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Don’t Cluck With My Heart: The Legality Of Keeping Chickens As Pets

I was thinking the other day how there are a lot of things that I don’t know.  For example, I don’t know why the staff at Chipotle constantly puts cilantro in my burrito despite how much I tell them I don’t want it (though from the looks of it, that place has got a whole other set of problems).  I don’t know why $50 shampoo is better than the generic stuff I get at Walgreens because it works just fine despite what my sisters tell me, seeing as how my hair has yet to fall off or cause me to contract cancer.  I also don’t know why I occasionally see a squiggly line in my eye fluid.  The list goes on and on, and continuing it any further in this post will do nothing but increase my already growing depression.

Anyway, the reason why I was thinking about my intellectual inadequacies is because sometimes you just see a news story and realize how much there is to know in this world and also how little of it that you actually know.  For instance, is there any reason why regular people like you and me can’t keep chickens as pets?  Because apparently there’s a movement in Ann Arbor, MI to get the city to pass an ordinance that would allow its residents to keep chickens as pets.pet chicken

Really, is this an issue?  I had no idea there was even a problem with doing this, let alone that it was illegal.  I remember when I was a wee lad my neighbor had a couple of chickens in his backyard.  He’d feed them corn, harvest their eggs, and occasionally even allow them to berth a couple of chicks.  This all wouldn’t be so strange except that I grew up in a major urban California city.  Though I never thought twice about it when I was a kid, I just thought my neighbor really liked fresh organic eggs and playing farmer.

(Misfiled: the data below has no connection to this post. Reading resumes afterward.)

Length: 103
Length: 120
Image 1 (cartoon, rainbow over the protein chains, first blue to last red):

Coincidentally, the organic food movement is what Stephen Kunselman, the Ann Arbor councilman spearheading the move to pass the ordinance, is using as the basis to promote chickens as pets.  Supposedly, fresh eggs are a lot tastier and healthier for you than what you get at the supermarket.

Sounds great right?  Except that a lot of residents and the local Ann Arbor government are clucking (HA, I’m so witty) about the health and safety issues that come with owning chickens.  Apparently there’s a concern that allowing people to keep chickens as pets will encourage or at least not help to stem the spread of avian bird flu – which I hear is pretty nasty.  There’s also the issue of noise disturbance – less we forget what it is roosters are known for besides providing hours of entertainment (I’m joking, please no letters).

Anyway, all this got me thinking about chicken laws in other cities, specifically what’s the penalty for owning chickens?  Well, it ranges from fines to a misdemeanor depending on the circumstances (e.g. number of chickens, sanitation issues, etc.).  For those of you interested in keeping a chicken(s) as a pet(s), I strongly suggest you check your local laws to find out whether it’s legal.  The internet is an amazing place, by the way, so be sure to use it.

Ken LaMance

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